Dr. Tom Colletti, DHSc, PA-C, DFAAPA
Type I diabetes mellitus is considered the most common childhood endocrine disease, and it can be diagnosed at any age.1 Type I diabetes mellitus is a chronic autoimmune disease that attacks the beta cells of the pancreas.2 The damage occurs over time. The main factors that increase the chances of becoming a type I diabetic are genetics, epigenetic factors, environment, and immunological. It is common for a type I diabetic to have no family history of type I diabetes mellitus. Type I diabetes mellitus can be treated with insulin injections, insulin pumps, and continuous glucose monitoring (CGM) combo.3 Treating type I diabetes mellitus with insulin pumps has increased since 1995 from 1.3% to 47% in 2016.4 Pump technology has improved since the first pump in the 1970s.5 Compared to injections, insulin pumps do a better job mimicking normal pancreatic function and are programmable to change the amount of insulin delivered hourly. Each pump has different functions, and some are more advanced than others. The pumps on the market are Medtronic 630, 770, Insulet Omnipod dash, Tandem t-slim X2, and Roche Accu-check spirit combo.5 The continuous glucose monitors available are Medtronic Elite and Guardian, Abbott Freestyle Navigator II, Freestyle Libre, Dexcom G4 Platinum, G5 Mobile, and G6, and Senseonics Eversense.6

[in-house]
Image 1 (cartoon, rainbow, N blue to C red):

Wade B. Type I Diabetes Mellitus and Treating with Insulin Pumps. University of Lynchburg DMSc Doctoral Project Assignment Repository. 2021; 3(4).
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